This article was originally published on ETFTrends.com.
Consumer staples stocks and the related exchange traded funds have been anything but safe this year. For example, the Consumer Staples Select SPDR (XLP) , the largest ETF tracking the consumer staples sector, is down more than 11% year-to-date.
Recently, some marquee names in XLP and other cap-weighted staples ETFs have languished amid disappointing earnings reports and analyst downgrades.
“Last week was a tough one for consumer-staples stocks, with the Consumer Staples Select Sector SPDR ETF (XLP) losing nearly 3% on Thursday alone,” reports Teresa Rivas for Barron's. “The sector was hit from all sides, with disappointing tobacco volumes from Philip Morris International (PM), lackluster organic-sales growth guidance from Procter & Gamble (PG), as well as plenty of downgrades, for companies including Kraft Heinz (KHC), Smucker (SJM), and Campbell Soup (CPB).”
Contracting Multiples for Staples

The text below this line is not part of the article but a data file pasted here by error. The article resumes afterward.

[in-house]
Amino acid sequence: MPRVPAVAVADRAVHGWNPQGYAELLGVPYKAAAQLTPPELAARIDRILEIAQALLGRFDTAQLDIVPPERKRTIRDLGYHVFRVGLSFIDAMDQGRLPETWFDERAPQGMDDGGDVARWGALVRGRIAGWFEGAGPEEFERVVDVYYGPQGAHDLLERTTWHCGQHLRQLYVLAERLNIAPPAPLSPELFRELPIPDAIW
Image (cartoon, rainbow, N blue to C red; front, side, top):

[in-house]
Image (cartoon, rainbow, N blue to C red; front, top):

Currently, staples stocks sport valuations on par with the S&P 500, but some analysts believe the sector's multiples could contract by a significant margin.
Credit Suisse's Robert Moskow writes, "that in recent history, staples' premium valuations were an anomaly, driven by the Great Recession and a period of extremely low global interest rates that made their dividend yields more attractive,” according to Barron's. “However, take a step back, to 1999-2000 and 2001-2003, and staples 'traded at a pretty hefty discount,' thanks to rising interest rates and the rotation into tech in the first period and major reinvestments and consolidations in the second.”
Related: Talking ETF Turnover
With higher beta, cyclical sectors leading U.S. equity markets higher this year, some defensive sectors are lagging. In the current environment, interest rates are rising, which can weigh on staples, a sector known to be rate-sensitive. Additionally, investors are overtly favoring the technology sector.
Staples stocks are comparably valued to their consumer discretionary peers, but some market observers argue that possible increases in household debt would make staples more attractive while wage growth would likely benefit both consumer sectors.
For more information on the consumer sector, visit our consumer staples category.
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